The two Steves—Jobs and Wozniak—were children of the hippie generation, comfortable with the idea of dropping out of formal education to pursue hobbies. The company was called Apple because Jobs had happy memories of working on an apple farm. The angel investor was Mike Marculla, a retired semi-conductor salesman, who put $250,000 into the company.
‘Woz’ was the talented hacker, who wrote the code and assembled the circuit boards. His previous work experience included figuring out ways to make free long-distance phone calls (including one to the Pope). Jobs was the driving force that provided the design vision, found the money and marketed the machines.
The Mac broke new ground. It was the first computer that offered colour graphics, a mouse and a graphic user-interface. All three elements had long been in the realm of the possible. Xerox demonstrated the first GUI (graphical user interface) in the 1950s. Douglas Engelbart of Stanford patented the mouse in 1970.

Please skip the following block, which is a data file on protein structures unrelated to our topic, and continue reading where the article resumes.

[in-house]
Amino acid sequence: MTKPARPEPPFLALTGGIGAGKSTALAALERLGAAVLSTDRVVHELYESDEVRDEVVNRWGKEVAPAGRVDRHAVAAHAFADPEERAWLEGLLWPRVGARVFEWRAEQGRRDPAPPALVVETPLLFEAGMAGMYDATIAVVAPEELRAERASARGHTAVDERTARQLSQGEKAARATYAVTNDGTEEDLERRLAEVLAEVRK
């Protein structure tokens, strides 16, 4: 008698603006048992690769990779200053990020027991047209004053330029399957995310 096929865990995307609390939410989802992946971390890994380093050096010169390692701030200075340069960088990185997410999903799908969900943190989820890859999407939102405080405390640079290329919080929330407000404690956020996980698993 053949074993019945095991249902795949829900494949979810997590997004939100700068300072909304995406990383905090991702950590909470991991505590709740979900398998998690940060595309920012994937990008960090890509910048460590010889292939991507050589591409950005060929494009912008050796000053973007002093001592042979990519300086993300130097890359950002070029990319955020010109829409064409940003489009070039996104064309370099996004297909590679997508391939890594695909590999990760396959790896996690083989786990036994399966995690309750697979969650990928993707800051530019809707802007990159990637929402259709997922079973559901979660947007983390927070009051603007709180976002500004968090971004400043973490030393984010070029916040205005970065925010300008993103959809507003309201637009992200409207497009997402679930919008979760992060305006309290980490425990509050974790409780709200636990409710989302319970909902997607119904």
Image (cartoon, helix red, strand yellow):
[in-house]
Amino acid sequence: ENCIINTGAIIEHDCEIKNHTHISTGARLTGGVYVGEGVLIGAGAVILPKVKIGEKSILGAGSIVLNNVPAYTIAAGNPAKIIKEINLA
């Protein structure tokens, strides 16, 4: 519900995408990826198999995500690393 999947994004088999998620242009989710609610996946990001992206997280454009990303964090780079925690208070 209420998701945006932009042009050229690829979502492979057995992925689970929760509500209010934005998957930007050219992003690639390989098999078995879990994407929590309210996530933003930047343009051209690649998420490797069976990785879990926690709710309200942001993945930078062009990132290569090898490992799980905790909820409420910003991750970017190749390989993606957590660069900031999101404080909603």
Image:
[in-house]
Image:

But nobody before Apple realised that the average consumer preferred clicking on a coloured icon to typing lines of commands on a B&W screen. Putting it together the way the Mac did exploded the potential market for personal computing, expanding it by huge multiples.
From the first Macs onward, several things that are now considered an integral part of Apple’s design DNA became evident. First, figure out what the consumer wants. Second, tightly integrate design, software and hardware to put that device together. Third, make it look really good. Fourth, make it really easy to handle. Fifth, charge a premium.
There are weaknesses to the approach. But it’s one that Jobs has lived by. An Apple device can eventually be copied by something that offers as much functionality (maybe more) and the generous margins can always be undercut.